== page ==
Dec 7th 1916
Letters from the Front
Mr. and Mrs. S. J. Hogarth whose, son John, was killed in France, are in receipt of the following letter which pays a high tribute to the valor of the young man.
Seargt. W. P. Loggie 110329
5th C.M. R. Battalion.
Middle Floor, Military Section
Mr. S. J. Hogarth—
I would like to write and express my sympathy with you in the loss of your son who was killed on the afternoon of October the first on the Somme between Thiepool and Courcelette. It was a tough day and many good lads went under. We had gone over the parapet and taken our section of Regina trench in spite of the fierce machine-gun fire and heavy shelling. It was after going through this and helping to clear the trench on the evening that your son was killed. I don’t know the exact particulars because I myself was wounded before reaching the trench.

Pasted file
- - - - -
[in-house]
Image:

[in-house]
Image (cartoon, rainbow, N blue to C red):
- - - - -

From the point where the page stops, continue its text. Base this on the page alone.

I had known your son and had been in the same platoon with him since he came in a draft to our battalion in June. There was no finer lad in the company. I had watched him on route marches when older men were giving out and he was swinging along good humouredly. If anything was to be carried to the trenches, he volunteered and cheerfully di more than his part.
He didn’t seem to know fear. All morning before we went over, we knew we were going; yet he was conspicuously bright and cheerful. I remember the last words I heard him say the\at there was no use worrying. If a chap was going to get him, he would whether he worried or not. That was his spirit and I’ve no doubt he was carrying out the same spirit when he met death.
More than once I remember, our platoon Sergent had remarked to me that “That young Hogarth is a brick.” I think in the sorrow of your loss, you should feel a great pride in a fine young man’s sacrifice. He was popular with us all.